Access to health care in rural and underserved communities could be improved as telemedicine progresses and advances.
At the same time, officials say, using video technology to reach patients could help rural hospitals in Arizona and around the world stay afloat as they combat financial woes and doctor shortages.
“There has been 58 rural hospitals that closed in this country in the last five years,” said Dr. Daniel J. Derksen, director of the University of Arizona’s Center for Rural Health. “Unfortunately, one of them was here in Douglas.”
Cochise Regional Hospital shut its doors in July 2015, leaving many residents of Douglas no choice but to drive more than 20 miles to the nearest hospital, Bisbee’s Copper Queen Community Hospital.
Other shuttered facilities in Arizona included Kingman’s Hualapai Mountain Medical Center in 2011 and Florence Community Healthcare in Florence in 2012.
Hospital closures in rural areas are often due to a combination of financial problems and lack of health professionals, providers and services.
“Rural hospitals and clinics in general tend to have more trouble recruiting and retaining health providers of various types,” Derksen said. “We don’t have enough people getting trained in rural areas.”
However, with telemedicine, rural hospitals can expand the services they offer without having to worry about retaining physicians, while also keeping costs low.
“Sometimes you can provide high quality accessible services through these new technologies, and that’s a way you can address unmet needs in rural communities that really couldn’t support maybe a full-time person,” Derksen said. “[Telemedicine] can certainly augment the services that you offer and also enhance your finances if you’re offering things that people want and need.”
Telemedicine is the “practice of medicine at a distance, usually using video technologies and other IT technologies,” according to Dr. Ronald S. Weinstein, founding director of the Arizona Telemedicine Program at the University of Arizona.
For more than 20 years, the Arizona Telemedicine Program has been providing “telemedicine services, distance learning, informatics training, and telemedicine technology assessment capabilities to communities throughout Arizona,” according to its website.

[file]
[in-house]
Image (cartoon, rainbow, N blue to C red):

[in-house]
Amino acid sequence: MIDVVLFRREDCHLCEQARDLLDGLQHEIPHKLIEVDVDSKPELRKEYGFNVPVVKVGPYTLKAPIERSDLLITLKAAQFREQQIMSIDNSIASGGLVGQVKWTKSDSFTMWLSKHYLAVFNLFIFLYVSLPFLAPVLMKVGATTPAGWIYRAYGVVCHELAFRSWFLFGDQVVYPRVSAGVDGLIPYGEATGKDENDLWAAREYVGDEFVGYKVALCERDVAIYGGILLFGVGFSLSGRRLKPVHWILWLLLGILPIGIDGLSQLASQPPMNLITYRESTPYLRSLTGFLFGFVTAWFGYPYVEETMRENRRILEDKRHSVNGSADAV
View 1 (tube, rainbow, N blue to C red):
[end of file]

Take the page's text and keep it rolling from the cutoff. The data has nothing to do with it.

“We have these huge telecommunication lines that still do connect and provide a backbone,” said Janet Major, associate director of facilities for the Arizona Telemedicine Program. “Now, we’re a resource center more than anything.”
Through telemedicine, residents of underserved communities can access health care without having to drive to their closest city for medical attention.
According to a Centers for Disease Control and Prevention 2011 survey, almost 80 percent of adults visited the emergency room only because of their lack of access to a primary care provider, and 48 percent of adults living outside metropolitan areas had to find another place to seek medical attention because their doctor’s office was not open.
“So many of the patients leave the community to come to the larger cities for their services,” Weinstein said. “Telemedicine is a way of reducing distance, to bring specialty medical services to underserved populations.”
Telemedicine also provides patients with a cheaper alternative to health care. A 2014 assessment found that with the estimated cost of one telemedicine visit averaging from $40 to $50 compared to the $136 to $176 average cost for in-person visits.
Copper Queen Community Hospital is one of the rural hospitals in Southern Arizona that has embraced telemedicine.
Copper Queen offers programs such as teleburn, telepediatrics, telecardiology, telepulmonology, telestroke and teleradiology. These programs allow physicians at Copper Queen to work with physicians at other hospitals to “provide patients with the best possible care.”
“[Copper Queen has] made, certainly, one of the most impressive efforts to bring services into the Bisbee hospital, so patients wouldn’t have to leave,” Weinstein said.
Studies have shown that telemedicine provides improved quality of care, and that “there is no difference in the ability of the provider to obtain clinical information, make an accurate diagnosis and develop a treatment plan that produce the same desired clinical outcomes as compared to in-person care when used appropriately,” according to the American Telemedicine Association.
Patients who have sought medical assistance through telemedicine have mostly been satisfied and have responded well to telemedicine. Despite not being in the same room physically with a doctor, Major said many patients feel that they are getting a higher-quality experience through telemedicine.
“It should be business as usual,” Major said. “It shouldn’t be anything cruel and unusual. A doctor, rather than going from room to room and knocking on the door, is looking up and talking to you on TV.”
Joanna Daya is a reporter for Arizona Sonora News, a service from the School of Journalism with the University of Arizona. Contact her at firstname.lastname@example.org.
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